"Ray grew into it," Woodson said. "He became more vocal. What Patrick needs to stand is that even though his teammates are his friends, sometimes the truth doesn't always feel good. Sometimes you have to hold guys accountable.
"Willis is to the stage now where knowing the defense is going to help him. He's going to know when the nose tackle is out of position. He's going to know when the edge is out of position. And it's going to be up to him to say so."
The NFL credits Willis with 9.7 tackles per game since 2007, the most on the NFL during that span. (Jon Beason of the Carolina Panthers and D'Qwell Jackson of the Cleveland Browns are tied for second at 8.7 tackles per game.)
In 48 career starts, Willis has 10 or more tackles 36 times. A year ago, he won the team's Bill Walsh Award as the team MVP. Now, he's starting to understand that the locker room belongs to him, too. During OTAs, Willis took rookie linebacker Navorro Bowman (Penn State) under his wing and is doing his best to set the tone in terms of work ethic.
As Woodson noted, Lewis and Willis share jersey No. 52. He expects similarity to keep growing from there.
"They have the same qualities," he said.
Seahawks' head coach Pete Carroll has preached his central theme of competition since taking over the team in January. So why would the team's battle for the starting running back job be any different?
Carroll previously stated that although quarterback Matt Hasselbeck is the starter, he will have to win the job over newcomer Charlie Whitehurst. And it's no different for last year's starting running back Julius Jones, who is sharing time with the first unit during offseason workouts with third-year player Justin Forsett.
"We're leaving this thing wide open," Carroll said. "There's no reason to call it. Julius has done everything he needs to do to represent. He's done a beautiful job so far. Justin continues to do real well, too. I love the way he's showing out here. Those guys are certainly in the one-two spots. Whoever is first, it doesn't matter to me right now. I can't tell and I don't care. Right now we're just playing football."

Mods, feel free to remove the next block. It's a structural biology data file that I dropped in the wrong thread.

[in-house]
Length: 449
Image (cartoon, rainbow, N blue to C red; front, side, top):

Jones has been through this before. He lost playing time to Marion Barber in Dallas before leaving in free agency three years ago. Former Seattle Seahawks team president Tim Ruskell signed Jones to a four-year, $12 million deal that will pay him $2.45 million this season, with the hopes that the 28-year-old could effectively replace an aging Shaun Alexander.
However, Jones has failed to help Seahawks' fans forget the former league MVP. In two seasons, Jones has rushed for 1,361 yards and four touchdowns.
Part of the reason Jones struggled has been continuity. He's playing for his fourth different head coach this season and learning a new offense for the fourth straight year heading into the 2010 season.
However, Jones will be playing in the zone blocking scheme for a second straight season, and is approaching the upcoming season as if he is the lead back in the competition.
"Always, man," Jones said, when asked about being the lead dog. "Every running back has that mentality. I know I do. I've had that ever since I've been playing, and I will continue to have that."
One person Jones will not have to worry about is LenDale White, whom the Seahawks waived two weeks ago. The Seahawks received White and defensive tackle Kevin Vickerson in a draft day trade with Tennessee. White was considered the frontrunner for the starting running back job before his release. Carroll said the release of White was a football decision, and that he did not fit into Seattle's plans moving forward. White is expected to receive a four-game suspension for violating the NFL's drug policy.